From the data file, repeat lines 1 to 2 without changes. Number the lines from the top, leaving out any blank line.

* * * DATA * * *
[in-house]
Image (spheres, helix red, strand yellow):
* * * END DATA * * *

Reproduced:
[in-house]
Image (spheres, helix red, strand yellow):